Hypothesis 1. The ethnicity or race of an individual may or may not have an effect on their propensity to abuse or not abuse animals. To prove or disprove this initial hypothesis, it would be necessary to select an equal group of individuals from every possible racial background. For example, 25 men and 25 women between the ages of twenty and forty would be selected from each racial background. These groups would include Caucasian, African American, Latino and Asian. These groups would all be blind to what the study was about. The groups would be kept separate by race and monitored in a facility for one week. Each individual would be placed with a dog. Each individual would be monitored for the duration of the week. The dogs would also be monitored. At the end of the week, the following would be determined: The behavior of the dog as compared to the behavior at the beginning of the week; the number of times each person fed, watered, petted or spent time with the dog (walking the dog etc); and of course any abuse or neglect would be determined.
The possible problems with this study would be age variation in the individuals as a possible factor, whether or not each person was a "dog" person or not, whether or not the person avoided displaying abusive behavior due to feeling "watched" or observed. Possible challenges for this particular method of study might include the fact that there are several variables within the study such as both women and men. The question of whether or not males are more likely to abuse animals as opposed to females could be posed. Another variable to consider is whether the individuals in the study had been abused as children as this may play in to their tendency to be abusive as adults. Also, the fact that this study is not being conducted on a large scale may be a challenging factor. However, the relatively small size of the groups should keep costs low and should therefore be within reach.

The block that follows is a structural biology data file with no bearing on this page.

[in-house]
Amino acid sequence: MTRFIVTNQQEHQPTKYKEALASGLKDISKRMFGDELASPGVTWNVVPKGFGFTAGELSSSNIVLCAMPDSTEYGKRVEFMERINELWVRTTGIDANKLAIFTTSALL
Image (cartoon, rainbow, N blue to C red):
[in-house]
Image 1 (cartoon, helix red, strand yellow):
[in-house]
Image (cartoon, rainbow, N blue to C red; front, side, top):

Finally, religious background could be a variable not foreseen or considered. If an individual is of Hindu faith, they will revere animals as much as human life and therefore possibly be that much less susceptible to abusive behavior towards animals. A solution to this variable dilemma may be to only select individuals of non religion. If individuals have no religious beliefs, this may even out the subjects that are being studied, that much more. Other religions, such as Santeria customarily perform animal sacrifice and therefore may view animals in a less than ethical way.
Hypothesis 2. The occurrence of domestic violence and animal abuse may be correlated. If domestic abuse is more prominent in a particular race, then animal abuse must also be. "Shelter women were more likely to report that their partners had threatened to hurt their pets" (Ascione, Weber, Wood, 1997). In order to conduct a study to explore this hypothesis, one would have to narrow down the study to either domestic abusers or victims of domestic abuse" In recent years the link between animal cruelty and family violence has captured the attention of sociologists, psychologists, criminologists, and lawmakers" (Faver, Strand, 2003).
The best way to go about this study would be to work within roughly 4 women's shelters. These shelters would need to be a good distance apart from one another in order to broaden the demographics of the study. Once gaining permission from the shelter and its residence, one would need to